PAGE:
Wall jumping is something you unlock from the start, and it completely changes the way the game is played. Rather than simply jumping and shooting, X can traverse walls and do tricky jumps by clinging and sliding off walls (as well as jump off them). This allows more levels to have trickier jumps, having more vertical-based stages that rely on climbing, and completely changes strategies for end level bosses. Being able to leap up boss walls like a monkey adds a whole slew of new strategies.
The second ability, dashing, is also a rather dramatic change. Unlike wall-jumping you unlock it in a stage (though everybody does that particular stage first because it's the easiest boss anyway), and it in turn allows for a bunch of new changes. Dashing increases distance of jumps, can be executed any time you are on the ground (it's a short burst, not a prolonged run), and is necessary for many tricky leaps of faith. The only downside is that, since you have to get it, no stages actually require it until you get to the final Sigma stages, which feels like a slightly wasted effort.
Plus you ride a giant punching robot suit. AMAZING.
The stages are also different from the original Mega Man. In Mega Man, each level was broken up between sets of screens, each providing a unique but brief challenge before it would pan to the next one. This was obviously a design choice and not a hardware limitation (or so I'd think; games like Mario 2 had massive scrolling worlds), but it made the series unique. Mega Man X chucks this for a more traditional style of level: a long, streaming world to explore and backtrack. It does feel a bit weird at first, but it still has the boss doors (and you can still jump through them) so it's forgivable.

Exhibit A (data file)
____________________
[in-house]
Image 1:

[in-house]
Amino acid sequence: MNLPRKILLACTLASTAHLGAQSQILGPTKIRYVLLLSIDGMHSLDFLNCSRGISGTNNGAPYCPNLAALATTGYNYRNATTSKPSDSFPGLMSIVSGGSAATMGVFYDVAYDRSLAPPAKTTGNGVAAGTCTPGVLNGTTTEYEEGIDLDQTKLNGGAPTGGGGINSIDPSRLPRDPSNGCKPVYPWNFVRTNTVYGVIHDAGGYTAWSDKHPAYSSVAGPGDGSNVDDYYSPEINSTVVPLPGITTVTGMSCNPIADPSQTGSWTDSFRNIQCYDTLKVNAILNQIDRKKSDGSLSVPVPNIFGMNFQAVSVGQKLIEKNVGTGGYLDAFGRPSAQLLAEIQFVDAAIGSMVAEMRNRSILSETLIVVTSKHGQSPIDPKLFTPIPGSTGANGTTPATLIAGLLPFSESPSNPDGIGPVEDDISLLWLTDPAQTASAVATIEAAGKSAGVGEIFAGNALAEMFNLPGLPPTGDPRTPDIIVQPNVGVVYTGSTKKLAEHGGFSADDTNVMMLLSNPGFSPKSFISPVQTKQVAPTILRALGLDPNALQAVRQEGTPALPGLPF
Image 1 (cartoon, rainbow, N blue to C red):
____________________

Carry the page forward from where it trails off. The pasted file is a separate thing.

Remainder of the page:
The expanded real estate also allows for yet another great improvement: replaying stages with new powerups to find secrets. As you progress, the powerups you get from bosses (and find in the world) allow access to new areas you might have missed before. Mega Man on the NES (specifically 2) did this (use Crash Bombs to get secrets) but it didn't allow you to replay it, and that wasn't part of the core experience regardless. In Mega Man X, replaying stages is almost completely necessary, as there are a plethora of secrets to find. This would be tedious in any other game, but Mega Man X plays so smoothly and the controls are so incredibly responsive it's an absolute joy to replay levels. Plus, you're all powered up, so you can stomp everything with your new weapons.
Burn, baby, burn.
I'm going to take a second to gush about something that's hard to express in words, and that's how incredibly good this game feels to control. Again, that's really something you can't describe but have to experience, but when a game gets it right the experience becomes so much more enjoyable. Mega Man X is probably the best controlling game I've ever played, hands down. It's so incredibly responsive, I never felt like I died or failed on a jump because of the game's fault. Jumping and falling all feel exactly how they should, momentum from your dash perfectly translating into far jumps, and wall slides are easy to master and darn satisfying when you do a tricky leap from one tiny spot to another. It's a Super Meat Boy kind of feeling, except perhaps even more so. After just a few minutes of playing I knew I was gonna love this game based on feel alone.
He's just mad 'cause he looks like a purple Boba Fett.